By Jack Spencer
By Michael Madden
By Reed Fischer
By Emily Weiss
By Emily Weiss
By Zach McCormick
By Jeff Gage
By Reed Fischer
FORGET THE MUSICAL cage match between Blur and Oasis. At the moment, I'm rooting for Echobelly-- possibly the only band in the current British "new wave of New Wave" with anything new to say.
Their debut Everyone's Got One might've been my top pick of 1994 if I'd known about it. But the record never got much play stateside--though the glass-shattering single "Insomniac" earned a few spins on Rev-105. Sony is, however, carrying the ball for their latest, On. But to appreciate their fun-loving follow-up, it helps to grasp the earnest accomplishment of Everyone.
To appreciate that, one must begin with fireball vocalist/lyricist Sonya Aurora Madan, perhaps the first English rock star of Indian descent, give or take ex-Monsoon vocalist Sheila Chandra. The Delhi-born Madan moved to suburban London at age three. Though the family was relatively Westernized, she remained very much an outsider to English life, a fact that fuels both her critical outsider's gaze and her passionate yearning for social inclusion. Thanks to Scandinavian riff-maker (and former porn publisher) Glenn Johannson and outspoken black lesbian guitarist Debbie Smith (ex-Curve), the band exudes multi-cultural unity and progressive politics without much effort.
But Madan is reportedly bored with the critics' focus on the Asian angle, and more flattered by her standing as a respected voice in new rock. Madan and Smith were both asked to add their biographies to the 1994 compilation Grrrls: Viva Rock Divas by Brit writer Amy Raphael (St. Martin's Press). Madan's Grrrls chapter tells of a sheltered and unmusical youth. Thus her late entry into rock was no art-school obligation, but an avenue for intelligent dissent and self-determination. Perhaps by coming of age outside the punk-rock tradition, Madan combines a refreshingly hopeful vision with old-fashioned songwriting values of clarity and warmth, all delivered on melodies that stretch like stairways to heaven.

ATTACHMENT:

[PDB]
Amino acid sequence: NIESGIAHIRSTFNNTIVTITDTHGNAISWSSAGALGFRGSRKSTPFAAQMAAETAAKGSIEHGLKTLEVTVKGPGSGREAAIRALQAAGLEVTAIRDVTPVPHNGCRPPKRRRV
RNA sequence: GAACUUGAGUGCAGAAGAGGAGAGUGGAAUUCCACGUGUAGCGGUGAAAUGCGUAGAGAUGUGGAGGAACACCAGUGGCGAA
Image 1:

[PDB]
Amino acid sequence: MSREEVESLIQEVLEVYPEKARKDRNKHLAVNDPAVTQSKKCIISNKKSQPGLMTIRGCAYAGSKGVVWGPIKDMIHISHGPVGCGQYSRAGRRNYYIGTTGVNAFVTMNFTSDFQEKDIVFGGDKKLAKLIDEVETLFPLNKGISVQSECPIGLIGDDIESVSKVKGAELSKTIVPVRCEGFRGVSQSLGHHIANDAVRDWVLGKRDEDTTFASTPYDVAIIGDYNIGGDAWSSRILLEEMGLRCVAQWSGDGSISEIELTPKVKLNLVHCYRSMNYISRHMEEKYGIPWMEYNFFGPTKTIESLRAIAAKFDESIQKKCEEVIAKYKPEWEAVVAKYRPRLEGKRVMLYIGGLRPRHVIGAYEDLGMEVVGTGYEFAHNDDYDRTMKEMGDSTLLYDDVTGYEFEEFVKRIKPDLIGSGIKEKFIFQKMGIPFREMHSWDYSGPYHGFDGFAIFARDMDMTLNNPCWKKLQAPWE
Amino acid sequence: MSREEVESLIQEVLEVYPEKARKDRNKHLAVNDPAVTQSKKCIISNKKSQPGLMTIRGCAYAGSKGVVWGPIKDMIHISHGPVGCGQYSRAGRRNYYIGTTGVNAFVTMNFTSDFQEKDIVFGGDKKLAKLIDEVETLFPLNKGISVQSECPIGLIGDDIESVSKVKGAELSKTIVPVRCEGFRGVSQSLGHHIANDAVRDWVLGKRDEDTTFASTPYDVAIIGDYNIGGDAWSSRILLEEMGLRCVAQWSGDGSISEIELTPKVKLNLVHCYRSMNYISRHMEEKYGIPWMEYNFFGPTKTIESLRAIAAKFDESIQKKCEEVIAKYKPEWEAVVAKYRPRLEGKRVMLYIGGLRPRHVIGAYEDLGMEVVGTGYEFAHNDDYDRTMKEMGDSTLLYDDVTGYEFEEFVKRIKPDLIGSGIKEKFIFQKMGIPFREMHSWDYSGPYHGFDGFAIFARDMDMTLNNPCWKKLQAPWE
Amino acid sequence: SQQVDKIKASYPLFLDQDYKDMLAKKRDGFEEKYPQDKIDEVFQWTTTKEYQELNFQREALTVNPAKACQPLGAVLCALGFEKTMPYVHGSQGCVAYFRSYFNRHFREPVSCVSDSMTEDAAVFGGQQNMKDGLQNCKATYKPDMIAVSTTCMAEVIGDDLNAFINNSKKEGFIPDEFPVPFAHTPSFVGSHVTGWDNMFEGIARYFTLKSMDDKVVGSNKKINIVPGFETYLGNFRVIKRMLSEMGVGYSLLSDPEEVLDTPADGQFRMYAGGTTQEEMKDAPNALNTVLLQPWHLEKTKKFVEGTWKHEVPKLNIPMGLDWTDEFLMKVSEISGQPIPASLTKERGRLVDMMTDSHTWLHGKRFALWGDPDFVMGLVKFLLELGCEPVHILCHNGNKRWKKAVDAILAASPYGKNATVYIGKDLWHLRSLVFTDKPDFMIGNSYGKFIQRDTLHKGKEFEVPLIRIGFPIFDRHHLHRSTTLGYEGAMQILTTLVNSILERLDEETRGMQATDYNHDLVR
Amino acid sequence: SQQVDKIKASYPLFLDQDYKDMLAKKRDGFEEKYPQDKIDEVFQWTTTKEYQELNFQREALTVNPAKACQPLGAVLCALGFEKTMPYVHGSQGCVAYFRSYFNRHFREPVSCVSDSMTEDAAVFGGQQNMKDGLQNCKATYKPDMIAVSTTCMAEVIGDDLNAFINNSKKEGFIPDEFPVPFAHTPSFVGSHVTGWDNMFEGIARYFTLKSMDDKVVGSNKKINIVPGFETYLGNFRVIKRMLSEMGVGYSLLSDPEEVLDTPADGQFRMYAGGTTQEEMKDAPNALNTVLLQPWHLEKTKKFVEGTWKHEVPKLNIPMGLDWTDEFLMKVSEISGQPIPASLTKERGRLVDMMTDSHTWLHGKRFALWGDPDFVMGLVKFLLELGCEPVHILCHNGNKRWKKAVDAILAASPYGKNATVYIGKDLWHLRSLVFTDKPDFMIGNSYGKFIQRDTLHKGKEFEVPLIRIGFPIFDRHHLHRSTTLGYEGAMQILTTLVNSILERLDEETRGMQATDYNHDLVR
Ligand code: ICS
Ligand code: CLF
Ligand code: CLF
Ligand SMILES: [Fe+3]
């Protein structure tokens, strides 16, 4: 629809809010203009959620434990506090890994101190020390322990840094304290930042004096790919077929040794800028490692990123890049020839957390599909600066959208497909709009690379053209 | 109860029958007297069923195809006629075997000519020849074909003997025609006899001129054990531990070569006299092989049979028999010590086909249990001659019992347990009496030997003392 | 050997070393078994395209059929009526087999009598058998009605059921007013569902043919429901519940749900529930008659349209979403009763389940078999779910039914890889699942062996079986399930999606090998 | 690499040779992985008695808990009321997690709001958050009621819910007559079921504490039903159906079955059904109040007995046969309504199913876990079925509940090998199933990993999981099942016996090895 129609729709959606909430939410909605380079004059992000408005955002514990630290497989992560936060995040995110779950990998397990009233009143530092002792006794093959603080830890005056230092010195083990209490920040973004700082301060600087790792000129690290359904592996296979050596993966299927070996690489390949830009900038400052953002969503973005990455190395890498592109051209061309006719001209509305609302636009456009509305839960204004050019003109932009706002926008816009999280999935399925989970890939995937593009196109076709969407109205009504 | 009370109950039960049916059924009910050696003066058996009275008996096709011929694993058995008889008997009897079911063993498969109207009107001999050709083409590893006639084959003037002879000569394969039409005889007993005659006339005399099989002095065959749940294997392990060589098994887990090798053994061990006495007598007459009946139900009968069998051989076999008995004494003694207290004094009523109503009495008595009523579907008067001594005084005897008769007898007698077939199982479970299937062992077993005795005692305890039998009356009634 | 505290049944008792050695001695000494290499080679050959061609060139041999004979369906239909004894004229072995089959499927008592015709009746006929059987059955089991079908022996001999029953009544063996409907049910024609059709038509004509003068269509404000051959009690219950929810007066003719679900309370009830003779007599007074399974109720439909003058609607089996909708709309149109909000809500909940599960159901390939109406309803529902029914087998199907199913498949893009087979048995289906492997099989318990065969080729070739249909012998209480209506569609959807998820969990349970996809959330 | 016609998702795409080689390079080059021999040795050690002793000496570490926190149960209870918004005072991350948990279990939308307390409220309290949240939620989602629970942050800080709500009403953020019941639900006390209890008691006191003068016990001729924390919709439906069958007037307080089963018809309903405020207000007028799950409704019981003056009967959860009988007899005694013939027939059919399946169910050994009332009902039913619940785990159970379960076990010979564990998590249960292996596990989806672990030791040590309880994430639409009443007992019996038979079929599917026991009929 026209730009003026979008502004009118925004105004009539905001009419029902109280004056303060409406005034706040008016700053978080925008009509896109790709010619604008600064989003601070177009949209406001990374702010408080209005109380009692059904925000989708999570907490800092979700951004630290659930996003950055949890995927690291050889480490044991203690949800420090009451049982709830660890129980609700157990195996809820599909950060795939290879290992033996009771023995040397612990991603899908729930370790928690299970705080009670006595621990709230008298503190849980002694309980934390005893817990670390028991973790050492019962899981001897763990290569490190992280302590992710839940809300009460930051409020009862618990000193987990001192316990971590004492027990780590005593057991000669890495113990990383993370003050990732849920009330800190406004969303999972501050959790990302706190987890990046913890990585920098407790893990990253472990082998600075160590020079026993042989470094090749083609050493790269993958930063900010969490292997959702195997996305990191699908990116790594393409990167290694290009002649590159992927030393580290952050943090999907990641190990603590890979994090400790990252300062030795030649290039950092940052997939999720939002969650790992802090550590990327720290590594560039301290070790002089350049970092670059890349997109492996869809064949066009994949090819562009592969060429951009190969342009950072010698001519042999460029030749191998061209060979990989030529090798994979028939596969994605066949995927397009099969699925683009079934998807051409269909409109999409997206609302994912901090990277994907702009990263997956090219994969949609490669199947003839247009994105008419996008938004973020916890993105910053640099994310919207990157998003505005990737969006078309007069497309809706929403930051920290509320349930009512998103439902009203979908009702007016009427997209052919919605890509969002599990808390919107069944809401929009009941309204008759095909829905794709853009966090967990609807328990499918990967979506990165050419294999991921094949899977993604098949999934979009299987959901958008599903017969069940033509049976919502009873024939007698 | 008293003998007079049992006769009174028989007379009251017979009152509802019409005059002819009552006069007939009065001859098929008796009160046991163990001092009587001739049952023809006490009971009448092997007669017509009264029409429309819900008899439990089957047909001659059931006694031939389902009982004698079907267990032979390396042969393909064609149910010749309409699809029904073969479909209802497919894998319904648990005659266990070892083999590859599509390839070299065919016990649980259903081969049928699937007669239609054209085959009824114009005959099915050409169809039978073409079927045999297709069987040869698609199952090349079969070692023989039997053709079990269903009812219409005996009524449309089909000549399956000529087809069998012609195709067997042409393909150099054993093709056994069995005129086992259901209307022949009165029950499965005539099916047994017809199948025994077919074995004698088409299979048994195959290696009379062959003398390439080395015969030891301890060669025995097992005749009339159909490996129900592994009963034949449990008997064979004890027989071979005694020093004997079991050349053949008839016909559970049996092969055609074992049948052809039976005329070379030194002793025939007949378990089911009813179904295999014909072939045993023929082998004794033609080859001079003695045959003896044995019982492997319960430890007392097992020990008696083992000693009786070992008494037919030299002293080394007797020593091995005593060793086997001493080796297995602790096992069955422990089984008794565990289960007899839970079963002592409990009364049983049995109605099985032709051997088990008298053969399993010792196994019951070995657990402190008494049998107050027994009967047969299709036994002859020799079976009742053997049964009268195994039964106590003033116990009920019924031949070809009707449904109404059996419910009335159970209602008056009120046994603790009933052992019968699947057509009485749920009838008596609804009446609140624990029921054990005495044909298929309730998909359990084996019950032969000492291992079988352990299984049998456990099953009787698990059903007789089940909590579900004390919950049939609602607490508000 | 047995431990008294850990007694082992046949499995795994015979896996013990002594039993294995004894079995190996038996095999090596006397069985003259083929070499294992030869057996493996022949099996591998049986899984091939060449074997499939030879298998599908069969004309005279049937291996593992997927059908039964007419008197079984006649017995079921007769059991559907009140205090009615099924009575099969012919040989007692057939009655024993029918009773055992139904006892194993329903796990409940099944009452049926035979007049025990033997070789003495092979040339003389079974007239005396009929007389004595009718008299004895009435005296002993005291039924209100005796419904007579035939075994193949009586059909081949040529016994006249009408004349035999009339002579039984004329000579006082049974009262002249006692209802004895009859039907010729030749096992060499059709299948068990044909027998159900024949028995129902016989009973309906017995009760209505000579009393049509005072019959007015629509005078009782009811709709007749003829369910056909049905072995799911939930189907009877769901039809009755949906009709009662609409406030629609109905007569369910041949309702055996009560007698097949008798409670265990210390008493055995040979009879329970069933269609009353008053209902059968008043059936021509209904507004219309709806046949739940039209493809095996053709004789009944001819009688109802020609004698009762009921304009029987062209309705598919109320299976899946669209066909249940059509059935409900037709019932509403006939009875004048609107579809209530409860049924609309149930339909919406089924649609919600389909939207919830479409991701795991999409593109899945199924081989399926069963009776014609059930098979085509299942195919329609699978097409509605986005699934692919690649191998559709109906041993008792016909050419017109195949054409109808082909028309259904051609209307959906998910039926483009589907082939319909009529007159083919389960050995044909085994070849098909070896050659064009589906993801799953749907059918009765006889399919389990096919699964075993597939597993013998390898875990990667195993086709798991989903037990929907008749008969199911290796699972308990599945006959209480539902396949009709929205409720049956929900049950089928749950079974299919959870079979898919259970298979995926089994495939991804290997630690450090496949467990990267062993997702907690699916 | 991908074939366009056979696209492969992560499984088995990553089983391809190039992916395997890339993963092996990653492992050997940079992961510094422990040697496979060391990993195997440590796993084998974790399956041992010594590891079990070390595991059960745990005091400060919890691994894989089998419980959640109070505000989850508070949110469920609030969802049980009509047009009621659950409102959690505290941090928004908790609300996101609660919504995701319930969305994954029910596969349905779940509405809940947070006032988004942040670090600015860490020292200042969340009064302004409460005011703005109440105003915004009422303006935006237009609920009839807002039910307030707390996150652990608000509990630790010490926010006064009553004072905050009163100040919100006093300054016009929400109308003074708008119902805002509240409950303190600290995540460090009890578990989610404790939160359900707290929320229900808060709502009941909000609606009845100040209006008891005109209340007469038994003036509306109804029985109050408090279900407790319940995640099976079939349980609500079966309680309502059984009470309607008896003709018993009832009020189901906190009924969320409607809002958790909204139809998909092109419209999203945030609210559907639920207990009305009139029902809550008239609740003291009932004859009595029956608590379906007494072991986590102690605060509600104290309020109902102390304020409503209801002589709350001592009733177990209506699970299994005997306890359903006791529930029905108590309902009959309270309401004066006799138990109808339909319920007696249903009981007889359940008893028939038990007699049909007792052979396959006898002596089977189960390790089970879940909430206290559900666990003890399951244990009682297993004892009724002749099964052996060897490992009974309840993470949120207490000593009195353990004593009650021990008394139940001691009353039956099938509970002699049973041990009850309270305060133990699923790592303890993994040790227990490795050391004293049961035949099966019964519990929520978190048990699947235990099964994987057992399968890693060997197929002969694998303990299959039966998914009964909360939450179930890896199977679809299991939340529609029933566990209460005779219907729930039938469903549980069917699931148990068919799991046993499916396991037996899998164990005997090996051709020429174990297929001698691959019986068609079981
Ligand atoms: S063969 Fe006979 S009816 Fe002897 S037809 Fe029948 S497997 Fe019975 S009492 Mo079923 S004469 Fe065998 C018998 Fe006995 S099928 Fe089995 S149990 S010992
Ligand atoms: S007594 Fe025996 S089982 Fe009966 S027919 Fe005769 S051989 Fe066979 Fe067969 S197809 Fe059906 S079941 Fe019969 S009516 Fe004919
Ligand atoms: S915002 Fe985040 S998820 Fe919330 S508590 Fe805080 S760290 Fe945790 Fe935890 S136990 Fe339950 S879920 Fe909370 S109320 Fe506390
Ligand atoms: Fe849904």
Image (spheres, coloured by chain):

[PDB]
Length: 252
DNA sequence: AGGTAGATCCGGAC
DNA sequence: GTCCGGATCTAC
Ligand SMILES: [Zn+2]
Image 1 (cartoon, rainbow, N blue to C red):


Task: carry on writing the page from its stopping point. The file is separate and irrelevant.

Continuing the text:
Furthermore, Everyone's Got One practically bursts with issue-oriented immediacy. Madan, though widely regarded as fashion-model material, keeps the tease game to a minimum. Rather, "Father Ruler King Computer" is a Germaine Greer lift that ditches the marriage myth for a message of independence. Beyond that anthem, topics tackle racism, Indian patriarchy, abortion, drugs, and the simple charms of suicide. Such frankness has earned them the title "preachy," but their explosive tunes gave them British hits, with a mix of bold truths and uplifting pop essence unheard of since The Smiths, to whom they've often been compared. Secure in her own strength, Madan accepts the compliment.
But the corresponding "bigmouth" backlash Madan suffered was less welcome. With On, Madan shrugs off the world's weight to create a lighter and less confrontational collection. She kicks things off with tongue in cheek and the car in gear for an escape down the 2-4-6-8 Motorway called "Car Fiction," while "King of the Kerb" celebrates SoHo street hustlers. The album peaks lyrically at the mid-point with "Pantyhoses and Roses." In lesser hands it would be a snide put-down of the conservative MP found dead of autoerotic asphyxiation; instead, Madan sees a chance to make a sympathetic plea against sexual repression. As always, she resists leading the sexual revolution by flagrant example, choosing instead to reason it out for the common good. "It could change/It will never" she repeats, her voice soaring and falling on each half-line, echoing the hopes and disappointments in the topic itself. The power-balladry of "Hot in a Cold Country" reads like a shout-out to her non-white sisters in foggy London. "In the Year" salutes a certain punk idealist trying to hold tight during the nation's swing to the right. From top to bottom, On lives up to its name.
When PJ Harvey failed to impress me at Somerset, a rival writer wondered which women rockers do I like? I'm not sure it's strictly a she thing, but frankly, women playing anti-social absurdists seems like small progress. PJ Harvey may want to bring you her love on MTV, but apparently she won't give you the time of day in Loring Park. Liz Phair will leave you in a year, and Courtney Love just wants your money. All I want is a pop-rock perfectionist who could run for president. Joe Strummer alive in '95, a more lucid Michael Stipe, Kate Bush without the cocoon. Someone to believe, and believe in. Happy days are here again.
THE POWER OF THE PRESS: Last week's column subject, Chicago street artist and rap-rocker Wesley Willis, has just been signed to American Records. So Rick Rubin gains Wesley Willis, but loses The Jayhawks
But as one era of Minneapolis major-label bands ends, another begins: Polara is reportedly committed to Interscope Records; Flipp has signed to Hollywood. Balloon Guy's Warner Bros. album is on schedule for February, Tina and the B-Side Movement's Elektra Records premiere is set for March; Semisonic's first album for MCA should also be out early next year. Jamecia Bennett of Sounds of Blackness releases her Mercury debut in February.